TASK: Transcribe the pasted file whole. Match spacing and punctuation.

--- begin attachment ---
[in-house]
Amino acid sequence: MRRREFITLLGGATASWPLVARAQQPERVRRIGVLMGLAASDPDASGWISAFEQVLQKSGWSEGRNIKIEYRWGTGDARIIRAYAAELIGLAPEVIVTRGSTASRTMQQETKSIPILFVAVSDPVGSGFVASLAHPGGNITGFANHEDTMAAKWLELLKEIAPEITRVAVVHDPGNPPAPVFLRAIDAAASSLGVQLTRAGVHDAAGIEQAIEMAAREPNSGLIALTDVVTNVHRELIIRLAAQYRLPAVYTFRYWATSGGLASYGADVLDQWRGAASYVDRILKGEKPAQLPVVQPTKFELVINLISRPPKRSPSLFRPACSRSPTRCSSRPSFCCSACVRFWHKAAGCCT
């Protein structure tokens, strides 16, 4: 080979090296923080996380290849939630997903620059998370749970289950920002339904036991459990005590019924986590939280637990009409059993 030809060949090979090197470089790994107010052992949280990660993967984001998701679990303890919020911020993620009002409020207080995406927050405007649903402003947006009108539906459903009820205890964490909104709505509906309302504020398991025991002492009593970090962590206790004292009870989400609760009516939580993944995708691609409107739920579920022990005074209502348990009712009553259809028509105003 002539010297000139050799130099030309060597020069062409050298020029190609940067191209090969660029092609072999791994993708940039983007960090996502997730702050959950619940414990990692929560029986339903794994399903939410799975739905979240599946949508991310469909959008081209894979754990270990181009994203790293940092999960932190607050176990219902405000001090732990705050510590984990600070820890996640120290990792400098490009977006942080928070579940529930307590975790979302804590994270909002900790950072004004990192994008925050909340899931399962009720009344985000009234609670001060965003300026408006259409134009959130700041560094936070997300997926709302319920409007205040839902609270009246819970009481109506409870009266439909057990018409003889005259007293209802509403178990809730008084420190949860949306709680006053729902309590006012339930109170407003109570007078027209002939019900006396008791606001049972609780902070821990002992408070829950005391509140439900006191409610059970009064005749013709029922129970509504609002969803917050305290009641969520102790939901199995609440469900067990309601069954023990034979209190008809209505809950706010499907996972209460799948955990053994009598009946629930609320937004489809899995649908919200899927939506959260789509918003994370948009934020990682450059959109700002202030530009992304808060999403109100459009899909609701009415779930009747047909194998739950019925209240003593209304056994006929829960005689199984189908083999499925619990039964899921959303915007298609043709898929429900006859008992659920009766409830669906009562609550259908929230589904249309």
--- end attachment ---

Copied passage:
[in-house]
Amino acid sequence: MRRREFITLLGGATASWPLVARAQQPERVRRIGVLMGLAASDPDASGWISAFEQVLQKSGWSEGRNIKIEYRWGTGDARIIRAYAAELIGLAPEVIVTRGSTASRTMQQETKSIPILFVAVSDPVGSGFVASLAHPGGNITGFANHEDTMAAKWLELLKEIAPEITRVAVVHDPGNPPAPVFLRAIDAAASSLGVQLTRAGVHDAAGIEQAIEMAAREPNSGLIALTDVVTNVHRELIIRLAAQYRLPAVYTFRYWATSGGLASYGADVLDQWRGAASYVDRILKGEKPAQLPVVQPTKFELVINLISRPPKRSPSLFRPACSRSPTRCSSRPSFCCSACVRFWHKAAGCCT
């Protein structure tokens, strides 16, 4: 080979090296923080996380290849939630997903620059998370749970289950920002339904036991459990005590019924986590939280637990009409059993 030809060949090979090197470089790994107010052992949280990660993967984001998701679990303890919020911020993620009002409020207080995406927050405007649903402003947006009108539906459903009820205890964490909104709505509906309302504020398991025991002492009593970090962590206790004292009870989400609760009516939580993944995708691609409107739920579920022990005074209502348990009712009553259809028509105003 002539010297000139050799130099030309060597020069062409050298020029190609940067191209090969660029092609072999791994993708940039983007960090996502997730702050959950619940414990990692929560029986339903794994399903939410799975739905979240599946949508991310469909959008081209894979754990270990181009994203790293940092999960932190607050176990219902405000001090732990705050510590984990600070820890996640120290990792400098490009977006942080928070579940529930307590975790979302804590994270909002900790950072004004990192994008925050909340899931399962009720009344985000009234609670001060965003300026408006259409134009959130700041560094936070997300997926709302319920409007205040839902609270009246819970009481109506409870009266439909057990018409003889005259007293209802509403178990809730008084420190949860949306709680006053729902309590006012339930109170407003109570007078027209002939019900006396008791606001049972609780902070821990002992408070829950005391509140439900006191409610059970009064005749013709029922129970509504609002969803917050305290009641969520102790939901199995609440469900067990309601069954023990034979209190008809209505809950706010499907996972209460799948955990053994009598009946629930609320937004489809899995649908919200899927939506959260789509918003994370948009934020990682450059959109700002202030530009992304808060999403109100459009899909609701009415779930009747047909194998739950019925209240003593209304056994006929829960005689199984189908083999499925619990039964899921959303915007298609043709898929429900006859008992659920009766409830669906009562609550259908929230589904249309």